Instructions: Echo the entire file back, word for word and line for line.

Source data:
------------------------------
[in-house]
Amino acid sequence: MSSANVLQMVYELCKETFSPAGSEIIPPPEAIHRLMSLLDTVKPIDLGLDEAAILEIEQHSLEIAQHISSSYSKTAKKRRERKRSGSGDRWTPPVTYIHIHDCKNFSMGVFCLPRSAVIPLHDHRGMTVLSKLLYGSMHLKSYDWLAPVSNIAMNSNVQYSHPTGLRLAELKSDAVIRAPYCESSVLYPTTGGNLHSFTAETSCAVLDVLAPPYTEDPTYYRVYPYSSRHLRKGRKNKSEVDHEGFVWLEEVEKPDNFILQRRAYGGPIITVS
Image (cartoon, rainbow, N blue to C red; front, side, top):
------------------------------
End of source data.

[in-house]
Amino acid sequence: MSSANVLQMVYELCKETFSPAGSEIIPPPEAIHRLMSLLDTVKPIDLGLDEAAILEIEQHSLEIAQHISSSYSKTAKKRRERKRSGSGDRWTPPVTYIHIHDCKNFSMGVFCLPRSAVIPLHDHRGMTVLSKLLYGSMHLKSYDWLAPVSNIAMNSNVQYSHPTGLRLAELKSDAVIRAPYCESSVLYPTTGGNLHSFTAETSCAVLDVLAPPYTEDPTYYRVYPYSSRHLRKGRKNKSEVDHEGFVWLEEVEKPDNFILQRRAYGGPIITVS
Image (cartoon, rainbow, N blue to C red; front, side, top):